CGTI – The Community Action Team
This is the second in a series of blog posts that will be showing up over the next several days related to my recent experiences at the Cebrin Goodman Teen Institute held at Eastern Illinois University in Charleston, Illinois on July 17-21. (In the past, I have written about the Teen Institute on my personal blog. This year I have decided to share my reflections on this blog instead.) For those who are not aware, CGTI is a week-long leadership camp for middle and high school students that focuses on developing leadership skills, taking healthy risks, learning about the dangers of alcohol, tobacco, and other drugs (ATODs), and working in action teams to bring about positive change in the community. Instead of breaking down the posts day by day, I have decided to reflect topically. Today I want to reflect on the heart and soul of the Teen Institute: Community Action Teams.
A community action team (CAT) is a group of students from the same school, organisation, or community who work together an adult mentor (either someone who came to the Institute with them or a volunteer staff member assigned to them) to identify perceived and real problems in their community and developing an action plan to address one of the issues by using the Strategic Prevention Framework (SPF). The SPF is a fairly straightforward tool that has been developed over the years using research-based methods to help action teams organise themselves and their plan to better the community.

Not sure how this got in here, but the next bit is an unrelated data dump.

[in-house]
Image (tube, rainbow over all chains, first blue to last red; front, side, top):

I have worked with several different CATs over my dozen years at the Teen Institute. Some have come up with grandiose plans that were, in all honesty, far more than they could reasonably complete, while others have focused on taking a few simple steps. Some teams have been very successful, but, if I choose to continue to be honest, most come up with a great plan but let the stress and day-to-day grind of reality wear them down and let the plan fizzle out. However, sticking with my theme of positivity, I am focusing on the great things I have seen happen with CATs in the past and, more particularly, the high hopes I have for the team I had the privilege of working with this year.
My team consisted of six middle school girls who are all going into seventh grade. Five of them will be at the same school together, while the sixth is changing schools this year. I have worked with middle schoolers at the Teen Institute for a few years now (more on this later) and this was my second year in a row working with a CAT from my own community. (Well, Champaign, actually, but since Champaign, Urbana, and Savoy all touch each other, I consider them one community.) During the Institute, we focused on the first three steps of the SPF: Needs Assessment, Capacity Building, and Planning.
We met once a day for 60-75 minutes each day of the Institute (except the last day, which was dedicated to closing ceremonies and farewells). On the first day, the students were challenged to think about what they like most about their community, what they like least, and what they would most want to see changed. They were also encouraged to brainstorm a list of problems that young people their age face, whether it is at home, at school, or in the community at large. Some of the issues they talked about were pressure to engage in risky behaviours (drugs, alcohol, intimate relationships), bullying, lack of adult support, lack of resources for young people in the community, racial biases, stereotypes, and profiling, drug abuse, alcohol abuse, dating violence, and fighting. I will remind you again that these were six girls going into seventh grade. These were their words, not mine.